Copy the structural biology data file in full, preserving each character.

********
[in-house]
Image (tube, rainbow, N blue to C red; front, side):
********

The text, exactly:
[in-house]
Image (tube, rainbow, N blue to C red; front, side):